When my daughter grew older, walking and talking up a storm (I'm quite certain where she acquired that trait), she reached entirely new levels of charm. Mairin was utterly precocious and entirely adorable. Since her birth, I had overheard more than one murmured aside of How could such a delightful child come from Severus Snape?, and I rather prided myself on my child's combination of beauty and intelligence. By the time she was three, I knew beyond a doubt that Mairin would find Hogwarts to be child's play. She'd doubtless be sitting her N.E.W.T.s by the end of first year.
Mairin had just turned three when an unexpected appointment forced Hermione to drop her off at my old house on Spinner's End for a brief time while she attended to her affairs. I still keep my business there, although I have not lived in the house since our marriage. This was my daughter's first opportunity to 'see Daddy's work', although it amounted to nothing more than Nora prancing her around the laboratory for five minutes until I shooed them upstairs. Things in the lab were not going particularly well that day. Besides, any potions laboratory, much less one which is used for the preparation of explosives, is not a place for children. Thankfully, Hermione returned barely fifteen minutes later. Nora assured her that Mairin had behaved perfectly, and my wife and child departed.
I thought nothing more of that brief visit until a week later, when I chanced upon Mairin in her playroom. She had taken every toy cup and cauldron she possessed, along with her toothbrushing glass from the bathroom, and lined them up on her little table. After filling a few of the cups with water, Mairin then transferred the water from one cup to another. She also waved her toy wand here and there, all the while muttering what was apparently supposed to be an incantation. Suddenly, it occurred to me: my daughter was 'playing potions', and I was ready to burst with pride. Mairin had spent only five minutes in my laboratory and was moved to recreate what she had seen. At once, I called Hermione to watch. No wonder people wanted children, I thought; this was one of those rare, poignant moments when one can truly understand the allure of parenthood.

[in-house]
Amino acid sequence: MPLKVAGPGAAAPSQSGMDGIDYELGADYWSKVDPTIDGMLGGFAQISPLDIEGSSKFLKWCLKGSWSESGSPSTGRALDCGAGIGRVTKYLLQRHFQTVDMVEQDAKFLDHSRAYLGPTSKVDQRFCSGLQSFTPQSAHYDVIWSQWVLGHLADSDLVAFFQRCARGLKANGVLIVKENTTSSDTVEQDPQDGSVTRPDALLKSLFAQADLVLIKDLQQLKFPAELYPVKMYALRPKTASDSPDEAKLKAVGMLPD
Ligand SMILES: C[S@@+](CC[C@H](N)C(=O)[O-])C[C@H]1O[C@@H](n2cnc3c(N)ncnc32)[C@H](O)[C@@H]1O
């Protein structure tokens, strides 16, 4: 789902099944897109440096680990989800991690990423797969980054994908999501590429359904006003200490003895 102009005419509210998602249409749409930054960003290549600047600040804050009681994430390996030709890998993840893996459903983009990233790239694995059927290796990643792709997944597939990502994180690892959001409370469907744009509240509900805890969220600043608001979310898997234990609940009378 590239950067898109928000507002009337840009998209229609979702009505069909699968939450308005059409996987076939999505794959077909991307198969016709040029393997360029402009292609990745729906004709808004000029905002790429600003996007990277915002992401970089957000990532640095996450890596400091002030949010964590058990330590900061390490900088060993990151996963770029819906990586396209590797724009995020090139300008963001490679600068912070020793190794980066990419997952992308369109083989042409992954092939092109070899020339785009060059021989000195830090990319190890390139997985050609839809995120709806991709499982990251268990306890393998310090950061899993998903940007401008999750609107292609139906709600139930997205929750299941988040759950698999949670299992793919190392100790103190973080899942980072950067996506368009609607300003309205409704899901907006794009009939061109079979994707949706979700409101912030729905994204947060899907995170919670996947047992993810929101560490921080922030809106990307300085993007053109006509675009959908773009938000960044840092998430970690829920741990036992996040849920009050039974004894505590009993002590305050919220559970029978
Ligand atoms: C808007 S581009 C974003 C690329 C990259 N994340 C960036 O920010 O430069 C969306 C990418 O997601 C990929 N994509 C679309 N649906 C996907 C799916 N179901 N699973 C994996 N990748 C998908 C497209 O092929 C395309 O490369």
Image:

Hermione peeked over my shoulder, her eyes alight at the scene unfolding in front of us. "Oh, Severus, this is so sweet," she whispered in my ear.
Sweet? It wasn't sweet, it was a sign of great things to come. My daughter, Mairin Julia Snape, was a Potions Mistress in the making, and this was the very first evidence of her golden future. Was it too early to begin making inquiries into apprenticeships?
And then it happened.
My darling three-year-old daughter hurled an empty cup across the room with one hand, waved her tiny toy wand with the other, and bellowed, "Bloody hell! Merlin's hairy balls!" And with that, she recommenced calmly pouring water from one container to another.
I was frozen to the spot, the blood draining from my face. How was it that it took a good half-year of coaxing and wheedling to convince Mairin that using the toilet was a wonderful thing, yet in the space of five minutes, she'd managed to pick up my worst habits?
A gasping noise over my shoulder reminded me that Hermione had just witnessed the whole thing. I turned to find my wife slumped against the doorframe and shaking with silent laughter, hand clapped over her mouth, tears of mirth already streaming down her cheeks. I tried to mumble apologies – I had done a bit of cursing the day Nora had Mairin in the lab, but Nora had immediately become affronted and pointed out that Little Pitchers Have Big Ears. At that point, I was more concerned for the physical well-being of the Little Pitcher, and suggested that a Potions lab was not a proper place to baby-sit a toddler. It had never occurred to me that Mairin would remember anything of what she had seen, let alone what she had heard.
"I'll… have a word with her," I mumbled now.
Still unable to speak for laughing, Hermione waved me helplessly on.
"Hello, Mairin," I said, kneeling down by my daughter's 'workbench'.
"Hello, Daddy. I'm making potions – just like you!" Mairin turned to bestow a brilliant smile on me.
Cut to shreds by a child. Perhaps the Order of the Phoenix should have tried using a three-year-old against Voldemort. I was certain that the Dark Lord would have been utterly stymied. All I could do was nod and stagger away while Hermione was still whimpering with laughter.
At some point in the next few days, I will point out to my child that 'bloody hell' and 'Merlin's hairy balls' are not appropriate language for a three-year-old. I'm sure that Mairin will smile and nod and say "Yes, Daddy."
And I'm equally certain that Hermione will never let me forget this.